Australia not to be overlooked on Germany's path to title

style="float: right; margin-bottom: 10px; font-weight: 600;"Sun 28th Aug, 2011

Munich - Germany has waited 4 years for this moment.  And after their showing at the last World Cup, there are high expectations to win it this year in South Africa.  And why not?  The talent is there, the team is deep, and qualification matches were quite solid.  However, looking closely at the German national team, underneath the tradition and talent, many cracks appear.  And the Socceroos will look to take advantage this evening and shock the world.

The first crack appeared almost a year ago when possible starting goalkeeper Robert Enke committed suicide providing an emotional moment for the team and then raising question marks as to who would take over.  Joachim Loew tabbed Rene Adler of Leverkusen as the replacement and he played great the whole season as he led his team to the top of the Bundesliga.  But a late season injury forced Loew to make another tough decision and leave Adler home.  Manuel Neuer of Schalke will be the starter but his lack of experience will be tested.  He only has 5 caps coming in, compared to Oliver Kahn who had 45 caps going into Korea-Japan in 2002 and 33 caps for Jens Lehmann when Germany hosted in 2006.  The backups, Tim Wiese of Bremen (2 caps) is shaky and always good for one major adventure per match, and Hans-Joerg Butt (3 caps) only came onto the team after his great season with FC Bayern.

The next drama for Loew came after the injury to captain and lynch pin of the midfield Michael Ballack.  He will be missed, as the pressure on the world's stage may affect the young stars of Germany.  Ballack's experience in the last two World Cups plus his time with FC Chelsea playing at the top level will be invaluable.  It now falls to native Muenchener Philip Lahm, who is no pushover regarding his experience, but he's a quiet leader, perhaps better suited as deputy to Ballack.  He did provide a tremendous goal in Euro 2008, so he has proven to be cool under pressure.  Can he direct the squad over the constant hum of the Vuvuzelas and calm the nerves of the squad?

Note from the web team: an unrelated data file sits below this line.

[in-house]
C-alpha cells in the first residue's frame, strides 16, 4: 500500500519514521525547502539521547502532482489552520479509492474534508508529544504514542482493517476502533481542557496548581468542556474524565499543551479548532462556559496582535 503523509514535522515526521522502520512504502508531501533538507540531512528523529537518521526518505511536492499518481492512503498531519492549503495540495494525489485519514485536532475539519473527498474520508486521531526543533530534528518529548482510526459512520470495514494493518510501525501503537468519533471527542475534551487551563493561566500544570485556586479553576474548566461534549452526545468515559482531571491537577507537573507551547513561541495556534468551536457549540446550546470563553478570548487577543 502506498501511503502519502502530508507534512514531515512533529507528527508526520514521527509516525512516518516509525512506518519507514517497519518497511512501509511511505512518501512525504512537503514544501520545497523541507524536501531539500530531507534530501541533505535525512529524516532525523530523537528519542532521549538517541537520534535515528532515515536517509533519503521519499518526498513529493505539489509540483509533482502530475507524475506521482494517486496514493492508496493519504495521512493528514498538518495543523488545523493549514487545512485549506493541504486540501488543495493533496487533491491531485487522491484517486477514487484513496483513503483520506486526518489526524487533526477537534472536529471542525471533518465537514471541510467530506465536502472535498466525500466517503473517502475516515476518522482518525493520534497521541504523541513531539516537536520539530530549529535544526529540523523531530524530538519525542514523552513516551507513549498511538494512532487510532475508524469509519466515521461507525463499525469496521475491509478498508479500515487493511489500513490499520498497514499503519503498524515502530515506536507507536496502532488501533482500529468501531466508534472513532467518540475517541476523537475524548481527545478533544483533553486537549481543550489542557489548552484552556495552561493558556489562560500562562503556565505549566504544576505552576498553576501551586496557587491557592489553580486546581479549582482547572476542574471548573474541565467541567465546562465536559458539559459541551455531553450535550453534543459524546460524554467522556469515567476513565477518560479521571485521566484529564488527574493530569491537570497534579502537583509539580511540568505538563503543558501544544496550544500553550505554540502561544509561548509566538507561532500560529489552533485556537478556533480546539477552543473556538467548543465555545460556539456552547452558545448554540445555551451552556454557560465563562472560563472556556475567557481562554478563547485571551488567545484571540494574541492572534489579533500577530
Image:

In my opinion, the key will be up front.  Loew decided to keep Kevin "Home Alone" Kuranyi off the roster once again despite his 52 caps and 19 goals for his country and solid performance this year in the Bundesliga (18 goals for Schalke).  Instead Loew decided to go with Mario Gomez (10 goals with Bayern, disappears in big moments ), Miroslav Klose (3 goals this season) and Cacau (3 goals in 8 caps).  If Germany are to score, they hope Klose can regain his form that has led to his 48 goals for the "National Elf" and youngster Stefan Kiessling (21 goals for Leverkusen) can grow up in this tournament.

Aussies confident - I have spent the last week on Australian all-sports radio previewing the match (see podcast on the World Cup page), and each time I'm on, I can feel the confidence from Down Under.  Their squad is basically the same one from 2006 that should have beaten eventual champion Italy if not for a questionable penalty awarded in the 95th minute.  They are relatively healthy going in, however their star scorer Tim Cahill is a bit shaken up with a minor injury but will start.  The team is led by coach Pim Verbeek, who was Guus Hiddink's understudy in 2006, and this stability led to an impressive qualification campaign.  Germany may win the World Cup but the Socceroos will prove to be a tremendous first obstacle on that path to glory.

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